Mac Properties, 1364 E. 53rd St. 

Due to the coronavirus outbreak, a group of Mac Properties tenants are asking for the cancellation of April rents, and they are threatening to begin a rent strike if the company does not comply.

“Many of us are students, many of us are workers, and we depend on our work to pay our rents,” one tenant and organizer of the action, who asked to remain anonymous, told the Herald. “We’re not gonna be able to (pay), so we’re trying to get Mac to cancel rent for the month of April.”

The organizer said that the demands originated from a group of Mac tenants living in a couple of different buildings, and that “several dozen” people are involved. At the moment, they are calling the Mac offices, 1364 E. 53rd St., and demanding that rents be canceled — according to the organizer, the property management company has told them that there is “not even a consideration to do so.”

“So far the response has been a refusal,” they said. “It shows a real callousness that they won’t even consider our proposal, which is only in line with what folks are literally able to pay.”

"We are focused on taking care of our residents and our staff in our buildings," Peter Cassel, director of community development at Mac Properties told the Herald. "I think relief efforts will be coordinated by the federal government and state and local governments. There have been many different proposals we’ve seen going around."

"Yes, we’ve seen a lot of out-of-state calls, we’ve seen the social media," he continued. "There's just an incredible amount of uncertainty at this point and we’re gonna stay focused on caring for our residents and staff in our buildings."

A national poll released March 17 found that 18% of adults said that they had been let go from their jobs or had their hours reduced because of the coronavirus pandemic. In Illinois, Gov. J.B. Pritzker (D) ordered all bars and restaurants closed beginning Tuesday, with options for take-out and pick-up food.

As of Tuesday afternoon, there were nearly 6,000 diagnosed cases of coronavirus in the United States; 160 of those were in Illinois.

Mac is a major landlord in Hyde Park. The property management company has steadily acquired existing property in the neighborhood since the early 2000s, and manages a number of new luxury high-rises, such as 5252 and Solstice on the Park. The company is owned by Antheus Capital, a private real estate investor that focuses on “supply-constrained submarkets.”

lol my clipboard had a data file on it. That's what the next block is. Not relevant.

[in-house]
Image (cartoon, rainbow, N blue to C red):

The organizer said that, for this week, Mac tenants will try to “make our voices heard,” and consider their options, including a rent strike, at the weekend.

“We’ve only started organizing, and we’re expecting strength and power to build over this past week,” they said. “Over the weekend, we’ll reassess where we’re at. A rent strike is totally a possibility and not one we take lightly.”

In light of the outbreak, person-to-person canvassing of other tenants has been difficult for organizers. Instead, they’re planning to flyer and phone around their buildings to organize more residents to join. They have also used the Facebook page of Tenants United Hyde Park Woodlawn, a year-old tenant organizing group, to spread the word — a post by the group received a little less than 40 shares.

“More and more tenants are talking rent strike,” the Tenants United organizers wrote. “As they materialize, it would be advisable that no strike end until all strikers across the city are satisfied in the weeks or months to come.” The group has also created an event with more details about the Mac action, including a script for anyone calling the company.

Cook County Sheriff Tom Dart announced on March 14 that his office would suspend all evictions for 30 days, after deputies came into contact with a person showing symptoms during an eviction. No court orders for evictions will be entered during that period either, according to a statement from Cook County Circuit Court Chief Judge Timothy C. Evans.